According to research, there are millions of women-owned businesses in the United States alone. One survey revealed there could be as many as over 12.3 million female-owned enterprises in the country. This accounts for approximately 40 percent of all businesses in the U.S. Combined, all these female-led companies made more than $1.8 trillion in a single year.

Women have established enterprises in varied fields, from digital advertising companies to small businesses that sell natural preservatives for cosmetics. Despite these accomplishments, women aspiring to be businessowners still face an uphill battle due to institutional sexism ingrained in much of the business world.

If you're planning on opening your own business, here are some common hurdles you may face and a few tips that will help you get over them.

Common Hurdles of Female Business Owners

Women in business face a lot of flak, whether its sexism when you're an employee or sexism when you plan on being the boss. Some of the most common challenges you may face as an aspiring businessowner include the following hurdles:

Female businessowners have a harder time amassing the capital needed to launch their businesses than their male counterparts. According to one depressing study, only 2.2 percent of the money given by all venture capitalists in 2018 went to female founded businesses. This is $10 billion less funding than a single company raised to make e-cigarettes. Women who wish to be businessowners have to contend with unequal pay if they want to raise the moneys themselves not to mention the pressure of maintaining a family or personal life. Thankfully, you can take out home loans and explore other funding options if venture capitalists are scarce.

Females businessowners may be pressured by potential backers and investors to rebrand their ideas into something more feminine. Although there's nothing wrong with women wanting to open bakeries, cosmetics stores or nail salons, other people tend to restrict women to only these kinds of enterprises. This is one reason you may find it difficult to have investors be confident with your business if its outside what's considered "feminine" industries.

Because of how unfairly the deck is often stacked against women in business, you may feel like you won't be able to handle the pressure and sexism. This is not the case. As the information above attests, millions of women have proven stereotypes wrong and have excelled in different fields. You may find it worthwhile to cultivate a support system to give you the inspiration and guidance you need through your own entrepreneurial journey.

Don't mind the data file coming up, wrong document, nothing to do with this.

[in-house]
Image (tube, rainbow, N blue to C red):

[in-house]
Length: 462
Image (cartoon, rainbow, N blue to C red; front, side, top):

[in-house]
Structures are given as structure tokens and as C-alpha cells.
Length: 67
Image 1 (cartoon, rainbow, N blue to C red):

Tips of Overcoming Common Challenges

The challenges listed above are the most common, but they're not the only ones that could try to prevent you from opening your own business.

Here are useful tips that can help you own being a female entrepreneur.

If you're having trouble attracting venture capitalists and you don't want to put your personal finances at risk, there is another way you can raise the money you need to open a business. Crowdfunding sites like IndieGoGo, Kickstarter and GoFundMe have helped millions of aspiring businessowners start their enterprises. The mechanics for each site if fairly simple; you just have to promise your backers and those who give the most contributions something from your business, like its primary product or perhaps a small stake in your company. Take note that these platforms don't offer a guaranteed amount and you should have backup plans just in case.

The first years of a small business are usually very shaky which is why you shouldn't weather them alone. Team up with other female-led businesses to strengthen your enterprises. Seek out organizations and groups where you and other female entrepreneurs can exchange ideas, share advice and give aid to one another. Other women-owned businesses can be the source of profitable partnerships, especially if your businesses are compatible.

Don't be afraid to self-advertise, both your personal accomplishments and those of your business. Too often women and female endeavors are downplayed or overlooked, and you cannot continue that cycle. If you have an accomplishment you feel could help raise interest in your business, post about it on social media or put it up on your site.

Don't focus solely on your business's problems and issues. Although you shouldn't lose track of them to the point they can undermine your enterprise, you should instead bend your energies to what your business excels at. This will allow you to improve your services without making your business stall while you try to shore up your weaknesses.

Finally, don't curb to the pressure put on women to do more than they can handle just to "keep up" with men. Too often, women entrepreneurs are held to a higher standard than their male counterparts. Although it is important to have great metrics, don't forget to take some time off for yourself. Without rest and recuperation, you'll burn out and accomplish even less. So indulge yourself whenever you feel like you need to.

Women make up half the planet's population and you can show the other half that everything they can do, you can do too. Running your own businesses is one way and, while challenging, you don't have to face those hurdles on your own.